Tonight’s Recipe comes from Alisa of One Frugal Foodie! She shares a Vegan/Vegetarian (optional), Dairy-Free, Soy-Free (use a chickpea miso), Gluten-Free, Peanut-Free recipe tonight!
Alisa blogs at One Frugal Foodie with a focus on using whole foods to create inexpensive, healthy recipes. She is also the founder of Go Dairy Free , the website, and author of Go Dairy Free: The Guide and Cookbook. She currently resides in beautiful Lake Tahoe – okay, not actually in the lake, but next to it!
1 Teaspoon Grapeseed or Olive Oil
2 Cloves Garlic, minced
3 Cups Chicken Broth or Chicken-Flavored Vegetarian Broth*
¾ lb Potatoes, diced into ½ inch cubes (I used red potatoes, skin and all, but Yukon Gold would be beautiful in this)
¼ Teaspoon Onion Powder
1 Tablespoon Cashew Butter (optional, but a nice addition for flavor and texture)
1 Tablespoon Light Miso**
1 Teaspoon Dried or Fresh Chives
Fresh Ground Black Pepper
1. Heat the oil over medium-low heat, add the garlic, and sauté until fragrant, just 2 to 3 minutes.
2. Add in the broth, potatoes, and onion powder, and bring the soup to a boil. Reduce the heat to medium-low again, cover and simmer for about 15 to 20 minutes, or until those potatoes are nice and tender.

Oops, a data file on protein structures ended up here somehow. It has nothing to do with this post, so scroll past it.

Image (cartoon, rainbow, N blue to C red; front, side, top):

3. Place the soup and potatoes in your blender (may need to do this in two batches) along with the cashew butter and miso. You may want to let it cool for a few minutes, and make sure you secure the lid as you puree the soup until it is nice and smooth (lest some of that hot liquid go flying!).
4. Return the soup to the pot, add the chives and black pepper to taste, and heat it to your desired temperature.
5. Serve topped with wonton strips or your favorite crumbled crackers. I used some wonderful flour tortilla strips (not unlike wonton strips) that were leftover from a dinner out.
* If you are watching your sodium, feel free to used reduced-sodium broth, I tested with regular though.
**Miso is sold in the refrigerated section of many grocers and Asian markets. I buy a sizable tub for around $3.50 at Whole Foods, and it lasts quite a while. It keeps for around 6 months (I believe) once opened, so it easily fits on the convenient frugal foodie list, and adds a nice jolt of salty flavor. You can get several different types of misos, but a light soy miso or chickpea miso is what I would recommend for this one.
Yields: 2 Servings
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